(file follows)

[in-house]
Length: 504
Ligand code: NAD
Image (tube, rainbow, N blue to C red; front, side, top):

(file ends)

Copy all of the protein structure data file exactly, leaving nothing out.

[in-house]
Length: 504
Ligand code: NAD
Image (tube, rainbow, N blue to C red; front, side, top):